1. Wael Hasno's Avatar
    So, I just got a 925 and naturally, I wanted to experiment with low light. It's being highly advertised anyway and it really works for some people..
    My pictures, however are blurry. Even if I hold the phone steady, it just turns out blurry. So I'm probably doing something wrong here.

    Can you please share your preferred settings for good low light pictures? I'm using Nokia Camera.

    Thanks.
    03-12-2014 03:33 PM
  2. metalchick719's Avatar
    I haven't taken low light photos with my 925 yet, but I've taken many with my 920. Usually, all I do is turn off flash and voile!
    03-12-2014 03:47 PM
  3. Microsoftjunkie's Avatar
    My low light tips using Nokia camera are:

    -use dedicated camera button in landscape (helps prevent blur)

    -use longer exposure times to gather "more light".


    -I use "Infiniti" focus because it activates ois full time and the full picture is in focus. This is good taking pictures of objects or ppl that aren't close to you.

    Also the tutorial gives great tips on this too.
    03-12-2014 03:59 PM
  4. Wael Hasno's Avatar
    Used ISO 800 and 4 seconds of exposure time. Focus also set on infinity. While the lighting is nice, the pictures turn out blurry or shaken.. Does it take a really steady, close to still hand to take these pictures?
    03-12-2014 04:02 PM
  5. Microsoftjunkie's Avatar
    The longest time I've taken a picture and not recieced blur (most of times) is 1.5s. I still get them at that time, but I usually manage. OIS is useless with times greater than that. You just can't be perfectly steady in that place for that time.
    03-12-2014 04:09 PM
  6. wpwolf's Avatar
    Have you removed the plastic covering from the lens, and if so, have you cleaned the lens?
    03-13-2014 02:52 AM
  7. Wael Hasno's Avatar
    Have you removed the plastic covering from the lens, and if so, have you cleaned the lens?
    It's not my first phone, bud. Though, thank you for your input. The phone came in one plastic protective sleeve, nothing else to peel off, etc.
    03-13-2014 03:05 AM
  8. wpwolf's Avatar
    Also, try setting the focus to auto. Then use the native camera app with the scene set to auto.
    Wael Hasno likes this.
    03-13-2014 03:08 AM
  9. wpwolf's Avatar
    I was just trying to help. Sometimes we overlook the obvious, especially with the "thrill" of receiving a new device.
    Wael Hasno likes this.
    03-13-2014 03:10 AM
  10. Wael Hasno's Avatar
    I was just trying to help. Sometimes we overlook the obvious, especially with the "thrill" of receiving a new device.
    In no way I was trying to sound ungrateful. I appreciate your input and I'll be trying the native camera method when it gets darker. There sure are a bunch of settings to play with. Can't expect a phone to do all the work for us.
    03-13-2014 03:15 AM
  11. HoosierDaddy's Avatar
    ]It's not my first phone, bud. Though, thank you for your input. The phone came in one plastic protective sleeve, nothing else to peel off, etc.
    Was yours used or refurbished? My new one came in a sleeve AND with a clear strip over the camera.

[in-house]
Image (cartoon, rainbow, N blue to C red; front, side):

How did you know his name is Bud?
    03-13-2014 09:45 AM
  12. Wael Hasno's Avatar
    Was yours used or refurbished? My new one came in a sleeve AND with a clear strip over the camera.

    How did you know his name is Bud?
    Certainly not. Brand new in a sealed box. If there is a strip on th camera it must be damn thin cause I can't see it.

    Also, bud is an abbreviation foe buddy, right?
    03-13-2014 10:04 AM
  13. Muessig's Avatar
    Take a look through this thread: http://forums.windowscentral.com/gui...Bguide%5D.html it might help you understand why you're getting the results you are and how to improve them.
    Guytronic likes this.
    03-13-2014 02:22 PM
  14. Xellsama's Avatar
    4 seconds is WAYYY too long, this means you have to hold the camera absolutely still for 4 seconds, nearly impossible without tripod. The high iso would also create extra noise. Typically I take my pictures in low light with just normal setting (aka not changing anything from default). It also helps that there's still some sort of light source in the environment if the subject is too dark, (doesn't have to be in the frame but some amount of light overall, perhaps a street lamp in the distance, etc). As someone else suggested, using the physical button also helps.
    obakir likes this.
    03-19-2014 04:13 PM
  15. Vindies37's Avatar
    if its a long exposure i suggest you use the timer to avoid having camera shake. using the physical button could contribute to cam shake and blur the image. set the timer to 2 sec delay then make sure you rest your hands on something solid and hit the button. if your on manual controls make sure you set the ISO setting to the lowest you can use.
    Guytronic likes this.
    03-19-2014 05:54 PM
  16. MillionMonks's Avatar
    Used ISO 800 and 4 seconds of exposure time. Focus also set on infinity.
    That is a very long exposure. Pics will be definitely blur due to shake and probably over exposed too, even at night.
    Heck, I once took 2 second night shot and it was really bright
    03-21-2014 11:46 AM

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